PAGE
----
• ( egoistic ) • activistic • architectural • audible • cinematic • conceptual • graphic • strategic • surface • urban • wireless
The Dutch town of Drachten has got itself a spectacular installation that resembles recent temporary color interventions like Delete in Vienna and in Beukelsblauw in Rotterdam that managed to generate small-scale Bilbao effects.
The installation called WATER IS LIFE (Water is Leven) is made by Henk Hofstra who had 1000 metres of road painted blue in reference to the waterway that was once running where the road is now.
Apparently, the installation is not just a reminder of the past but also an indication of the future as the waterway will be re-establish some time during 2008.
Posted by Sebastian on Oct 14, 2007
Cera Perdida (Lost Wax) is an ongoing project by Barcelona-based sculptor Tanya Sierra.
Every month Tanya leaves one of her sculptures somewhere in Barcelona for a stranger to find and claim.
Each sculpture has a URL engraved where the finder can get more info about the object. The websites contains a photo-gallery of each lost sculpture as well as messages from people who actually found a sculpture.
The project has been running from January 2007 and will end this December.
Posted by Sebastian on Sep 03, 2007
It's time again for the Conflux Festival which is held annually in Brooklyn, NYC.
The festival is dedicated to psychogeography, or in other words: the investigation of everyday urban life through artistic, technological and social practice.
As before, the lineup is amazing but if you cannot be there (like myself) the Conflux website offers a good overview of the participating artists and projects.
One of many interesting projects is Miniaturized Accidents by Jacqueline Steck.
The project consists of a series of fictionalized, miniaturized accident scenes that are constructed in physical space and plotted on a Google map for other people to find. Anyone can contribute to the project by staging and mapping their own miniaturized accidents.
Related entry: DropSpots
Steve Lambert plans to use the simplest of tools to shut down (albeit briefly) over 85 Manhattan outlets of an undisclosed multi-national corporation without breaking any laws.
The Top Secret Steve Lambert Project is open for participation, so if you're in New York City on September 15th you can be a part of the project/performance/hack/event (which, according to Steve, is likely to get on the news and make people smile).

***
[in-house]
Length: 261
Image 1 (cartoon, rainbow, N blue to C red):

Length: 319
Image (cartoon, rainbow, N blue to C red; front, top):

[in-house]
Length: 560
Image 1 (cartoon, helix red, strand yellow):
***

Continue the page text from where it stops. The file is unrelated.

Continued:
For more information visit the project site.
Update: What was temporarily called the Top Secret Steve Lambert Project is no longer top secret. The project can now be known for it’s real name, Ronald’s Crisis.
Posted by Sebastian on Sep 03, 2007
Most of us have experienced getting lost and with that in mind, it is usually something we try to avoid. Actually, getting lost is also getting harder because our obsession with mapping things and ourselves (Google Maps, GPS and other locative technologies and services) has radically reduced the risk.
But getting lost can also generate fun and interesting reactions and this is theme of two experiential projects by Calvin Johnson that takes place at the Conflux Festival.
In Urban Disorientation Game, Calvin will simply invite participants to be lost in the city. Participants are placed in situations where they are made to be disoriented and then challenged to find their way out of this state.
Calvin's second Conflux project Lost in the Supermarket investigates the disorientation that arises from the overall assault on the senses coming from a shopping center. Participants will be blindfolded and taken to a supermarket or similar venue, where they will remove their blindfolds and be challenged to find each other.
Wanted! by Harvey Loves Harvey (Matthew Nash and Jason Dean) is a collaborative game-like performance where the two artists (players/performers) seek neighborhood help to catch each other.